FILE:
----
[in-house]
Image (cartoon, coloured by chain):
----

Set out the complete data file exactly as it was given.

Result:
[in-house]
Image (cartoon, coloured by chain):